Sony Mobile Not For Sale Despite Losses, New Model Features Described As “Gimmicks”
Sony’s struggling smartphone business is not for sale executives at Mobile World Congress have said. The comments came as the Japanese Company rolled out new models including a new Xperia XZ2 which rumbles when playing games or watching movies, analysts claim the technology is a “gimmick”.
The Xperia XZ2’s rumble feature adapts technology originally developed for the firm’s PlayStation controllers, Sony has also turned its focus to 4K high-definition video recording in an effort to outperform Samsung and Apple.
The firm is about to change its chief executive, and the new boss – Kenichiro Yoshida – was previously responsible for selling off its Vaio PC business and cutting the budget of the mobile division.
Sony has, however, denied that it is actively considering spinning off or shutting down the unit.
The Japanese firm is hoping that its advanced imaging system will help the handset to stand out from rivals.
In a world first, it will record video in 4K HDR, a quality previously only available in top-of-the-range camcorders.
The XZ2 and XZ2 Compact, which also feature vibrating feedback, will go on sale globally from next month.
The new Sony offering also records “super-slow-mo” videos at a higher resolution than Samsung’s Galaxy S9.
Sony has, however, pioneered other phone innovations in the past – including a 4K screen and waterproofing – only to see its sales struggle.
“It is very frustrating when we bring something out to the market first, and maybe the competition comes a year later and does kind of the same thing and gets more buzz around it,” acknowledged Sony’s senior manager Adam Marsh.
“We will definitely be improving how we go to market with the product this time to really ensure the consumers understand the experiences that we can offer.”
According to the BBC, Analysts are not convinced that Sony’s mobile division is able to deliver the appeal of the new features or the marketing spend to take on brands such as Apple and Samsung.
“The rumble tech is a bit of a gimmick,” commented Ben Stanton from the consultancy Canalys.
“I’ve tried it. It does make gaming more immersive, but I don’t think it works very well in a video context.
“And I don’t think it adds the value that consumers are looking for in a smartphone these days”
CCS Insight’s Ben Wood added that he thought the phone’s new industrial design was a major improvement on the past, but that he also had doubts about the new flagship’s prospects.
“Success often comes down to marketing dollars and brand,” he said.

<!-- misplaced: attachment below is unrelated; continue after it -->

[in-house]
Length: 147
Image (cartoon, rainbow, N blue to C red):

“Taking on Apple and Samsung requires eye-watering investment that Sony is always going to struggle with.”
Last year’s model was the first phone to be able to stretch out 0.2 seconds’ worth of action to create six seconds of footage, in 720p resolution.
24 hours after Samsung was jumping up and down about their new video recording capabilities, Sony has now trumped that by delivering its 960 frames-per-second footage in 1080p – twice the resolution that Samsung is delivering.
It said it had achieved this by using a customised version of Qualcomm’s Snapdragon 845 chip that features its own image signal processor technology.
The potential problem for the firm, however, is that early reports indicate Samsung’s version is much easier to use.
“Sony hasn’t done much to tweak the user interface since last year’s model, where it was pretty poorly executed and very difficult to capture the key moment,” said Mr Stanton.
“And Samsung has done some brilliant work with AI and image recognition to capture the fast moments as they happen – it’s actually learned from Sony’s mistakes to launch something better, even though technically it’s not to as high a standard.”
Another new camera technology in the XZ2 is the ability to record 4K videos in both a high dynamic range format – meaning images should appear more vibrant and realistic when played back on a compatible screen – as well as in 10-bit colour.
Sony is also releasing a “compact” version of the XZ2 phone with a smaller display but otherwise similar specification.
The latter feat means that users will be able to tweak the colour of the resulting footage with less risk of causing banding and other visual artefacts.
While this is likely to only appeal to a relatively small number of film-makers, it is significant as the firm has yet to offer the facility to many of its high-end cameras.